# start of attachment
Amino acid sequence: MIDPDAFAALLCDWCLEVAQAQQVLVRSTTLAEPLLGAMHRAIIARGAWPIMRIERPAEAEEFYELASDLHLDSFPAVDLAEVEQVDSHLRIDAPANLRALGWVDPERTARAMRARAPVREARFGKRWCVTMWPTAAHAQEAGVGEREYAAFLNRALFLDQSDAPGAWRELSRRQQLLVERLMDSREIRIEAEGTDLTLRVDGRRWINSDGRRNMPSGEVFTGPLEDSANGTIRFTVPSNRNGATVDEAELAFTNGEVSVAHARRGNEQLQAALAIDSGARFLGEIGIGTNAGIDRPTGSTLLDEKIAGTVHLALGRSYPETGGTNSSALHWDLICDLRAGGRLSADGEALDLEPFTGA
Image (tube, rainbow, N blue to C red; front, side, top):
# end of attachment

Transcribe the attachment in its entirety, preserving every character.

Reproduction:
Amino acid sequence: MIDPDAFAALLCDWCLEVAQAQQVLVRSTTLAEPLLGAMHRAIIARGAWPIMRIERPAEAEEFYELASDLHLDSFPAVDLAEVEQVDSHLRIDAPANLRALGWVDPERTARAMRARAPVREARFGKRWCVTMWPTAAHAQEAGVGEREYAAFLNRALFLDQSDAPGAWRELSRRQQLLVERLMDSREIRIEAEGTDLTLRVDGRRWINSDGRRNMPSGEVFTGPLEDSANGTIRFTVPSNRNGATVDEAELAFTNGEVSVAHARRGNEQLQAALAIDSGARFLGEIGIGTNAGIDRPTGSTLLDEKIAGTVHLALGRSYPETGGTNSSALHWDLICDLRAGGRLSADGEALDLEPFTGA
Image (tube, rainbow, N blue to C red; front, side, top):